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PREPARATION OF TRIAL MEMORANDUM AND LEGAL OPINION

By: Prof. Jaime Bilan Montealegre

Trial Memorandum. A. Concept Generally, a trial memorandum outlines the legal arguments supporting or
Trial Memorandum.
A. Concept
Generally, a trial memorandum outlines the legal arguments supporting or opposing the position of a party to a case. It
includes the explanation of the parties’ understanding of the facts of the matter, the law or laws they believe shall determine the
outcome of the trial, and the conclusion they believe the judge should reach. Its purpose is to persuade the court that a party is
entitled to a judgment in its favor. The Trial Memorandum should explain why a particular law applies and how each fact relates
to the law.
I.
A
trial memorandum may be likened to or probably equivalent to the oral summary of the cases by the counsels in trials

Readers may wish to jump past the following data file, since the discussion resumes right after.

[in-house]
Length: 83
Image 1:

by jury. In this jury system of hearing and deciding cases, trials are usually followed by oral arguments from both sides. Counsels
orally sum up their cases and try to persuade the jury with the evidence and arguments to accept their clients’ point of view. In
the Philippines, since there is no trial by jury but rather cases are decided by a single person, the judge, counsels do not have the
chance to orally sum up their cases and try to persuade the judge with the evidence and arguments to accept their clients’ point
of view. Thus, at the end of the trial, the counsels sum up their cases, not by oral arguments, but by what is called the trial
memorandum.
B. Parts of a Trial Memorandum
In
no particular order, a Trial Memorandum should contain the following parts:
1.
The Heading or Case Caption.
(In our courts or quasi judicial agencies, there is already a structure for the heading or the caption.)
2.